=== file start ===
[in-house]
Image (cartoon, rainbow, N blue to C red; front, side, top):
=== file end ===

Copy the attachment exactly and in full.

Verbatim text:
[in-house]
Image (cartoon, rainbow, N blue to C red; front, side, top):